from the editors

current issue

past issues



Follow UCityReview on Twitter



Jane C. Miller

French Creek at Sunrise



Night Swim

French Creek at Sunrise

Outside the cabin where I’ve come alone,
a squirrel cracks a branch, a small bird pipes

now, now, now. You’re four,
at the ocean’s edge. In your left hand

a fragment of shell smooth or ridged
as wings flung back like chicken feed

my grandmother scattered, seed potatoes
my grandfather returned to dirt.

What we need, we hand down. I filled you

with sounds; the first word you read aloud,
letter by letter: Gulf on a gas station sign.

Silence, the gulf I wanted you to cross.

When you asked, What is how,
I couldn’t say. My head full of What

will become of you. What did I give but
drills and demands for high marks.               

Last summer at Cape Cod, I watched
you, a grown man, teach a boy

to skip shells—a meditation you taught
yourself. Your future clouded

as a bowl of sea glass. A crow ratchets
like a man tightening a screw in the sky.

Tell me you are happy.


Return to list of poems


Forget daisies, their blown-black centers,
petals like children picked off

in a game of duck duck goose. Forget
broken families, stick hands never

to reach each other; let children file out
hand-in-hand like paper chains. Give back

the dog his nose, his bone, the pet turtle
chewing lettuce in class. Keep all

the shooting stars on tests, the arms
of superheroes kissing their chests. Mark

everyone present. Forget
the empty chairs, the closets where

children hold their breath, cupped
hands around hearts made of ears.


Return to list of poems


A sun-raked morning, sand cool, tide low.
Gulls boomerang past the window.
Come with me, I say. You ask why
I hunt for shells when we have basketsful

back home. You roll over in bed. Nothing stays
the same; not love promised, or weather.

I follow the wrack line, the blanket fringe
of brown pods and broken fans,

air sharp with salt-sweat. I was
an invitation once, our bodies wrapped

around each other like seaweed, my thighs,
my curves making smiles. Explorer, kiss me

here, I said, and here. We ran naked into
surf’s shock, let salt wick our clothes dry.

I have left behind risk, become
the startled woman with her dog

we streaked past on the beach.
Do you recall that time we were rich

in shells—one day lightning whelks,
next day sand dollars, our children

nearby, your hand in mine. I didn’t think
I was chosen for loss, but who isn’t—

our parents gone, a daughter overseas,          
a son gaming away his loneliness.

And what of you I left grumbling in bed,
your back curved, face slack on the pillow.

I pass a stranded jellyfish, pick shells
I cannot name. When we watch Jeopardy,

I say Of course, after the right question.
Who’s going to take care of me, dad asked

as mother drifted into wordlessness. Am I already
less wife, more burden? More and more,

you fill in the blanks for me. At high tide where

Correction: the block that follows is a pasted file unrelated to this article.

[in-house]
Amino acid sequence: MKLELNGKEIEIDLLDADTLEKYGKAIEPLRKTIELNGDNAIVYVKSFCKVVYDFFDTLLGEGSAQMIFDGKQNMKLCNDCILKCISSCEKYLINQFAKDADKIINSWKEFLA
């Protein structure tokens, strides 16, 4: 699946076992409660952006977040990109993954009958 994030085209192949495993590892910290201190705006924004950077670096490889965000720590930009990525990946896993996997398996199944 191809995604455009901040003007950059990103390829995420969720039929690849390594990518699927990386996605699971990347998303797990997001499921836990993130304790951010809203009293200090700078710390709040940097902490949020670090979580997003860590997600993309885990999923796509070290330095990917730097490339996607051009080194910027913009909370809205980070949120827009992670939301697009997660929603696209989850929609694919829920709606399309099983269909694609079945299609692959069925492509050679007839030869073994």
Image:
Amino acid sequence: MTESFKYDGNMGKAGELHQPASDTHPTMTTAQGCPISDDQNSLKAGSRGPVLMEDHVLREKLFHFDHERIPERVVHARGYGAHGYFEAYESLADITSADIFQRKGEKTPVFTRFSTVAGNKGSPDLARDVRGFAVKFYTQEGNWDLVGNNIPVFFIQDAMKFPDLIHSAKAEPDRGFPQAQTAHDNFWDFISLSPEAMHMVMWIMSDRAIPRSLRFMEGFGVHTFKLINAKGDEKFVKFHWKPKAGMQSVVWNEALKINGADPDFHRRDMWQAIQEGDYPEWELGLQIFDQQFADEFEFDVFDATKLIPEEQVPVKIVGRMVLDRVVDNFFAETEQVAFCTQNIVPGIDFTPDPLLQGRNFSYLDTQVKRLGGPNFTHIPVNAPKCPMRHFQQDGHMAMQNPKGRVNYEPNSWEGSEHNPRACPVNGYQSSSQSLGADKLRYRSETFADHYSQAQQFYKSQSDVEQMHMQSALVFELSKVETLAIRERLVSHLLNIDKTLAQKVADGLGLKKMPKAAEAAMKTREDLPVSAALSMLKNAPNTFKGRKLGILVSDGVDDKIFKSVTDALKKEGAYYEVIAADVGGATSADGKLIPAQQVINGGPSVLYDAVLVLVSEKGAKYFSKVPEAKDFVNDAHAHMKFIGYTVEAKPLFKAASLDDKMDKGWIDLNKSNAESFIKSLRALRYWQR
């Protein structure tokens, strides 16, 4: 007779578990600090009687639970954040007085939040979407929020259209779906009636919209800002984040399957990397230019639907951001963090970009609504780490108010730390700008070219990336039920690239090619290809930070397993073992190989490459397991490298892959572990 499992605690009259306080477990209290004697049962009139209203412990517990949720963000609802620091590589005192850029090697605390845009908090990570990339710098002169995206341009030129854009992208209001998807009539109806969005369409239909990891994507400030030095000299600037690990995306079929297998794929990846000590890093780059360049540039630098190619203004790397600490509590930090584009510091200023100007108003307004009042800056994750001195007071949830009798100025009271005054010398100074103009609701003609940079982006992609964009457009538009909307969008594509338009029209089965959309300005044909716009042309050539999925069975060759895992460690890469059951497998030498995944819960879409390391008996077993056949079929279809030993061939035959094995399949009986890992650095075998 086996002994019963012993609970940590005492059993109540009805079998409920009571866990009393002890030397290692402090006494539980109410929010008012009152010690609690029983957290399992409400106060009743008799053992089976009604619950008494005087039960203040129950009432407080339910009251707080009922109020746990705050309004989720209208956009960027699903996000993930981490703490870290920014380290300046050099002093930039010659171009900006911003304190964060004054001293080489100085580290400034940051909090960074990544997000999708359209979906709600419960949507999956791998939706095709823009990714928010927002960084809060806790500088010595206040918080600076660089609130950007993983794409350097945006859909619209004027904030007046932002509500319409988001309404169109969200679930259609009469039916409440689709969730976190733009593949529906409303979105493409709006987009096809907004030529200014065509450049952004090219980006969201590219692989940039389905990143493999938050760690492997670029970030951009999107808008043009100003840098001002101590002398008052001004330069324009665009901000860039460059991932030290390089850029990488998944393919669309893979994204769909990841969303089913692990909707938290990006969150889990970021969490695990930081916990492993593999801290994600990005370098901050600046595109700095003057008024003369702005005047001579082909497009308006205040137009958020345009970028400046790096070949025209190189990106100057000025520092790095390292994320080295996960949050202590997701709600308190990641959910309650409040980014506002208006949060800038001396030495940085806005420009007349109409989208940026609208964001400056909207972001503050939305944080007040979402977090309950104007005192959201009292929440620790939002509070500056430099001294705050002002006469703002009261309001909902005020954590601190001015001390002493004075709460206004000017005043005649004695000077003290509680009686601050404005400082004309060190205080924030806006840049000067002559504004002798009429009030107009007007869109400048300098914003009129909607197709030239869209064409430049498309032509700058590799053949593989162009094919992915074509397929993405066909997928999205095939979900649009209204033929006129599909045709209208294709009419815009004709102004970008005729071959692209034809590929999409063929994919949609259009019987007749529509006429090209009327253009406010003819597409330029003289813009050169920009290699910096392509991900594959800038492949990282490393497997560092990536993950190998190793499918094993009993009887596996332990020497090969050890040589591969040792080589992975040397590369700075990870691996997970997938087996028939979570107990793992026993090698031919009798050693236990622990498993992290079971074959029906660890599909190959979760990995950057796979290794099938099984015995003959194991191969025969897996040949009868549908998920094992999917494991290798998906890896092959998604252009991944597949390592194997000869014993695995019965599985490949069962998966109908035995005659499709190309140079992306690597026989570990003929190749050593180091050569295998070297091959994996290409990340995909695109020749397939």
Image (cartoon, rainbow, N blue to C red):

I walk, waves swell, keels sway, fish flit and vanish.

Return to list of poems

Night Swim

The pool’s underwater light shines
like a moon. I frog the water, think of nothing
but what I want. Back home
my dog hangs his head over the sofa edge

like a gargoyle. A cool wind shivers my skin.
Dad, you can’t know how it felt to slide you,
heavy as bone-chipped sand, from a plastic bag
into dug earth. Your empty condo echoes.

Water licks at me insistent as a dog
wanting to be pet, and I submerge. Who’s to say            
death is the end of habits that make us
happy or misunderstood? In this smoky light, others

return. Doc, who always swam laps at night,
methodically crawls above me. The legs
of the morning ladies stalk the shallow end,
their too-big trophy rings sparkle like exit lights
on the floor. Out of breath, I hang on the pool’s rough edge.

In the dark community room, your best friends
Pete and Stew, Hawaiian shirts in tatters, Jack Daniels           
in hand; Marty brushes dirt from her collar bone
where she wore statement pins; Vince’s ponytail so long

now it’s a scarf. You are center stage, holding
your titanium knee and tibia like an MC. Alive,
you had no time for my what-ifs, my moodiness.

Life of the party, I want you back.                            
I want you at the window of 101-C calling down
to the pool ladies, their faces upturned
like sunflowers. I want your barrel-chested whinny,

your absent-minded singing, half-whistling I Love
Paris in the Springtime on repeat, your strong hand
stroking the gap between my pointer and thumb.

A timer turns off the pool light. The flagpole rope
clangs a curfew. Palms shir like forked tongues.                                    

Return to list of poems

Jane C. Miller has been published in numerous journals. She won first prize in Naugatuck River Review’s 11th narrative poetry contest and has received two state arts grants in poetry. She is co-author of Walking the Sunken Boards (Pond Road Press, 2019) and an editor of ൪uartet (

Return to list of poems

copyright 2010-2023 ucity review